On average, Americans eat double the amount of salt that is recommended by the American Heart Association, leading to hypertension. One study proved that choosing better blood pressure is as easy as changing your diet.

Choosing Better Blood Pressure

The Study

In 1945, before blood pressure medication was invented, a researcher named Walter Kempner tested a rice and fruit diet on patients with hypertension at 210 over 140. At this level, the patient would’ve most likely died without modern medicine.

Today, this experiment wouldn’t be ethical, but because medicine wasn’t an option, Kempner could perform his research. He used a low-salt diet containing only plant-based foods, as well as food low in calories, fat, and protein.

The Results

The patients in the study all dropped their blood pressure to around 80 over 60, which is absolutely remarkable.

Simply changing their diet in several ways helped them to go from being on the brink of dying to being healthy.

An additional observational study gathered information on the Yanomamo people from the Amazon rainforest. They live off of the land, which means no added salt or processed food.

They only ate food high in fiber and a mostly plant-based diet. None of them were obese, none of them drank alcohol, and they all got plenty of exercise.

Their blood pressure essentially never changed over their lifetime. They started and ended with the same levels. In their 50s, they had the blood pressure of someone in their 20s. Not one single person had hypertension.

Conversely, many other countries, like the U.S., start with a healthy blood pressure and die with one much higher. Unfortunately, this is seen as common and normal.

Over 30% of Americans have hypertension and it’s the number one cause of death in the country. Hypertension is highly preventable. Many people could save their lives if they took a little better care of themselves.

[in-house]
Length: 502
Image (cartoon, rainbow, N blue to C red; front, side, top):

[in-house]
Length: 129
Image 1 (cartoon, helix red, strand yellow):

It’s assumed that as we age, our blood pressure will unavoidably go up. So when we visit the doctor or take our own levels, we feel alright with it being “normally high.”

However, these two studies prove that choosing better blood pressure means changing the type of food you eat. Doing so can keep your levels healthy your whole life.

Improving Your Readings

High blood pressure is generally bad news, but there is a bright side. By making certain lifestyle changes, you can significantly lower your blood pressure.

The following are some simple things you can do to reduce your numbers without medication.

Exercise Regularly

According to a 2013 study, older adults who lead sedentary lives can lower their blood pressure by doing aerobic exercise.

The participants in the study lowered their readings by an average of 3.9% systolic and 4.5% diastolic.

For reference, these type of results are comparable to those experienced if you took blood pressure medicine.

Try to exercise three to four times a week in 40-minute sessions. If it’s too much, start with smaller segments and gradually increase the time and intensity.

Lose Weight

People who are overweight can reduce their blood pressure by losing as little as 5 to 10 pounds.

Moreover, a 2016 review shows that weight loss can reduce blood pressure by an average of 3.2 mm Hg diastolic and 4.5 mm Hg systolic.

Limit Sugar and Refined Carbs

By limiting the amount of sugar and refined carbohydrates in your diet, you can lose weight and decrease blood pressure levels.

According to a 2012 analysis, low-carb diets can lower blood pressure by an average of 3.10 mm Hg diastolic and 4.81 mm Hg systolic.

In addition, low-sugar and low-carb diets can help you feel fuller for longer periods of time; this is due to eating more protein and fat.